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Constructive Criticism: How to Hear It When You’d Rather Not

Dear Crucial Skills,

Constructive criticism. I absolutely hate it and completely shut down when I hear it. It’s still criticism, however “constructive” the giver thinks it is. But I know it’s a popular thing to “give.” How can I overcome my aversion to it?

Fearful of Feedback

Dear Fearful,

Before you work on overcoming your aversion to constructive criticism, I have a suggestion: explore it. It may be telling you something.

In my experience, people are averse to constructive criticism for one of two reasons. They either think the criticism is intended to tear them down rather than build them up—the critic is simply hiding their intent behind the term “constructive”—or they associate criticism with shaming. Any feedback that implies they could or should do something differently negatively impacts their sense of self.

I am not sure from your message what’s contributing to your aversion, but I encourage you to explore it. Until you know, you won’t be able to address it.

Now, assuming you fall into one of the two categories above, here are some suggestions for how to move forward.


If the constructive criticism is more critical than constructive, try reframing it.

For example, someone calls and says, “Hey, Emily, can you talk? I have some constructive criticism about your recent Q&A.”

Now, my hackles might immediately raise because, yuck, constructive criticism. But I can influence how this interaction unfolds by framing my response to highlight the constructive part of constructive criticism. “Sure, that would be great. I always appreciate good feedback and specific suggestions of what I can do better.”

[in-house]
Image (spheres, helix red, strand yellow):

With this framing, I have hopefully communicated that I’d like to hear not just what I did poorly, but also specific suggestions of what I should do differently.

Ask for the FIX

In some cases, people intent on telling you what you’ve done wrong may miss your subtle reframing. If that happens, ask for the FIX.

Years ago, my mentor Kerry Patterson was working with an up-and-coming writer named Liz Wiseman (you may have heard of her). Kerry had asked Liz to copyedit something he had written. Liz diligently edited the piece, marking one specific passage with AWK, a common proofreading mark that indicates awkward phrasing. After Kerry reviewed Liz’s edits, he returned the paper with a note: “Never give an AWK without a FIX.”

When people give you feedback, it’s fair to ask them for a specific fix. Let’s go back to the example above about feedback on this article. Let’s say my editor, or critic, highlights a few things he doesn’t like and then stops. My response?

“Thanks for pointing that out. I’d really like your suggestions on how to fix this or improve it. What do you suggest?”

Make a Choice

You have probably heard the expression “feedback is a gift.” You might have an aversion to that expression too! I know I did for many years—until I stopped and thought about what it meant.

Imagine someone gives you a gift, maybe a piece of art for your home or an article of clothing. The gift is thoughtful and expresses love or appreciation. Unfortunately, the gift is simply not your style. It doesn’t fit in your home or wardrobe. It just isn’t you. So, what do you do? If you are like me, you express your honest and sincere appreciation for the thoughtfulness behind the gift. And then you re-gift it or donate it.